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NZ
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I have a commercial quadrature encoder (1000ppr)  connected to an Arduino board and using the Encoder Library from PJRC
http://www.pjrc.com/teensy/td_libs_Encoder.html

All working good and its counting fine.

However I notice that there are no error detection nor Z (index) reading in the library.
I would like to check for errors be it either a faulty encoder, to much counting or noise.

I have googled, but haven't found anything so far

Anyone knows of any libraries ?

Kim
« Last Edit: September 01, 2012, 01:20:05 am by fiddler » Logged

India
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If you are good in programming please see my post ' Convert C into arduino uno 3' page 2 has a encoder code.
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I'm curious. How does one detect sensor errors without having multiple sensors? Do you look for continuity in the speeds?

Is z index reading where the encoder outputs a different pulse less often?
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How does one detect sensor errors without having multiple sensors?
Generally you are write, however:-
In this case the two bits have a pattern. For any one pattern there are two valid patterns that happen next, one for clockwise and the other for anti clockwise. This leaves one transition that is not valid. If you see that, it is an error.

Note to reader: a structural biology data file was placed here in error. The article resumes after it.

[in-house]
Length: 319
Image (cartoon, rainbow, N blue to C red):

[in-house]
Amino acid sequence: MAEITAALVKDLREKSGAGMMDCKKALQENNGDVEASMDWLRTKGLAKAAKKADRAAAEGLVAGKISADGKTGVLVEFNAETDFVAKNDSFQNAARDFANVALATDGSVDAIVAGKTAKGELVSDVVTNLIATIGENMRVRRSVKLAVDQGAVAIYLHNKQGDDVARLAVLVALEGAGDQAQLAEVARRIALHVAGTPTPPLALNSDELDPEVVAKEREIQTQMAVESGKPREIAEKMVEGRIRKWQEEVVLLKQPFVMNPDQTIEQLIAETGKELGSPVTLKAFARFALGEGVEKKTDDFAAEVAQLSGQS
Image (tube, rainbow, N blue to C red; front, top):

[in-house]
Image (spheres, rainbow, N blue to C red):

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However I notice that there are no error detection nor Z (index) reading in the library.

A basic 2 channel quadrature encoder is just a device where one can get rate information (i.e. speed if counting the steps received per fixed time period) or the total accumulated absolute step counted CW or CCW from start of the program. A 'Z' channel is an optional 3rd added channel for some encoders that gives a single pulse, once per revolution of the shaft. This added channel can be used to determine the absolute position of the shaft at any given time or used as a speed indicator pulse if desired. I've never seen a general purpose encoder library that supported a Z channel input, so I think you would be pretty much on your own to include it's capabilities, although it is not a particularly difficult task.